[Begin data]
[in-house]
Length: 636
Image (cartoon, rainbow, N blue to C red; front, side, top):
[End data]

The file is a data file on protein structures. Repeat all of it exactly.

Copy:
[in-house]
Length: 636
Image (cartoon, rainbow, N blue to C red; front, side, top):